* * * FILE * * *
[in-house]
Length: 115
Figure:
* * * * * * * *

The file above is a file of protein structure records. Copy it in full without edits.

[in-house]
Length: 115
Figure: